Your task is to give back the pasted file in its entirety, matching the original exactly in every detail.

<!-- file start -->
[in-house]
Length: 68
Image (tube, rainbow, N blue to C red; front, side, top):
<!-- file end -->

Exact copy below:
[in-house]
Length: 68
Image (tube, rainbow, N blue to C red; front, side, top):